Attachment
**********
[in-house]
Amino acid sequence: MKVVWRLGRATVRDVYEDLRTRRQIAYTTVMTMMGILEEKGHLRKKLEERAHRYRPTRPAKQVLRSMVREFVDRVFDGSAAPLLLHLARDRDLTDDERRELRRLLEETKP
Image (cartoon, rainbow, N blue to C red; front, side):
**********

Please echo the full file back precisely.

[in-house]
Amino acid sequence: MKVVWRLGRATVRDVYEDLRTRRQIAYTTVMTMMGILEEKGHLRKKLEERAHRYRPTRPAKQVLRSMVREFVDRVFDGSAAPLLLHLARDRDLTDDERRELRRLLEETKP
Image (cartoon, rainbow, N blue to C red; front, side):